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- College of Human Ecology: Human Development
Dr. Lust's primary research concerns the child's acquisition of language, studied from a theoretical and experimental cross-linguistic perspective. Data from children acquiring more than 20 languages of the world are studied in the Cornell Language Acquisition Lab. Her interdisciplinary research program seeks both to identify the universals which characterize child language acquisition across all languages, and to explicate the nature of development of language during the time between birth and early childhood, as well as the nature of language loss with aging and dementia. A new theory of "Grammatical Mapping" has been recently articulated to capture this development.
In the Cornell Language Acquisition Lab, both experimental and naturalistic studies of young children's acquisition of early syntax and semantics are conducted. In addition to research on first language acquisition, research is also now being conducted on the development of multilingualism in young children and providing evidence for its cognitive consequences. Studies of adult second language acquisition are related. Studies of language in normal healthy aging and in patients with early Alzheimer's Disease are contrasted with the process of first language acquisition in the young child. Evidence is provided against the 'regression hypothesis' which proposed that acquisition and dissolution would be reversed.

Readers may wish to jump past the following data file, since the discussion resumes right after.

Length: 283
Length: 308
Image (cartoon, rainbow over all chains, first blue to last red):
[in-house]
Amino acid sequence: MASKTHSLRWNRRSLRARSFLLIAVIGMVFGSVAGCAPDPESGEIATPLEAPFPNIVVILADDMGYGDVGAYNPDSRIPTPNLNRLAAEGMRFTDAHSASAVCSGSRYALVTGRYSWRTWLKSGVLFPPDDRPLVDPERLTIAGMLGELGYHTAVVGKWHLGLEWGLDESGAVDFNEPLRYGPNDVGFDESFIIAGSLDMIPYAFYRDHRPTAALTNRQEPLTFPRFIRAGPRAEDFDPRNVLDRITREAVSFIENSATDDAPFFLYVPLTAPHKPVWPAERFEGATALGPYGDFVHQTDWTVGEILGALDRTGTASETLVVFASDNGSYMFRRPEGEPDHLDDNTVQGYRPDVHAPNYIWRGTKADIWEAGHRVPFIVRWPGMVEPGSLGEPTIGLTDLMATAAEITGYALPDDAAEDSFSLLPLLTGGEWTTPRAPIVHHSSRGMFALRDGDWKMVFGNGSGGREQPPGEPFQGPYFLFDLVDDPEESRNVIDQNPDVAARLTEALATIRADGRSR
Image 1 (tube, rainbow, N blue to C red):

Research directed at the Cornell Language Acquisition Lab is linked to related research being conducted in several national and international universities through a developing Virtual Center for Language Acquisition. Currently Dr. Lust is involved with an international agenda to develop 'linked open data in linguistics', especially as it impacts language acquisition data.